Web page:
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What Would Thomas Jefferson Think about Climate Change?

Peter Onus, a history professor emeritus at the University of Virginia and a leading scholar on Thomas Jefferson, speaks at BSU this week. (Slowking4/Wikimedia Commons)
Peter Onus, a history professor emeritus at the University of Virginia and a leading scholar on Thomas Jefferson, speaks at BSU this week. (Slowking4/Wikimedia Commons)
March 11, 2019

BOISE, Idaho – What can Thomas Jefferson teach us about the environment today?

Talks at Boise State University are exploring nature through topics like this and others.

The Idea of Nature public lecture series aims to foster conversations about the environment across different areas of expertise.

This week, Peter Onuf, a leading Thomas Jefferson scholar, speaks about the third U.S. president's idea of nature, democracy and human progress.

Onuf says Jefferson had a strong faith that people would make the world better – and wonders what that means today, in the face of climate change.

"Can we restore a kind of faith in human possibility that is characteristic of the Enlightenment, in which nature is seen as a book and 'book' is a sacred object – a way into the world?” he asks. “Can we do that knowing what we know about what has happened to the planet itself?"

The series is sponsored in part by The Nature Conservancy of Idaho. It's at the BSU Student Union on Wednesday starting at 6 p.m.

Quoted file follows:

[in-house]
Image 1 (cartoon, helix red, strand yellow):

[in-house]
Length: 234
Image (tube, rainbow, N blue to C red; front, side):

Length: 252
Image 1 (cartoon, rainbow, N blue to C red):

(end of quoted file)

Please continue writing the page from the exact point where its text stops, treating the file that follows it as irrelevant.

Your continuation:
Last month, the series featured Paulette Jordan, a recent candidate for governor, In April, BSU hosts Bernd Heinrich, a biology professor from the University of Vermont, who will speak about our changing views of nature.

Boise State professor Samantha Harvey organized the Idea of Nature series nearly a decade ago. She says it takes a special kind of scholar to bridge his or her area of specialty into other disciplines.

"I feel like we need more of that right now, as things seem to get stagnant in our conversations about nature,” she states. “And we need fresh ways of looking at things, and fresh ways of connecting ideas, to move us forward in this moment of environmental change."

Onuf says "union" was a key word for Jefferson in his own time, and could also be key for the world as it faces a changing climate.

"It doesn't mean dissolving who you are or losing yourself in a totalitarian regime,” he states. “It means fulfilling yourself through your connections with other people, retaining your integrity as an autonomous individual.

“That seems to me a beautiful dream, but it's not just a beautiful dream, it's an urgent necessity."

Eric Tegethoff, Public News Service - ID